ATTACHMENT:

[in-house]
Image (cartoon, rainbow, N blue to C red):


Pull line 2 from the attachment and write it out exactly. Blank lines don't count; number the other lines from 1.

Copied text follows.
Image (cartoon, rainbow, N blue to C red):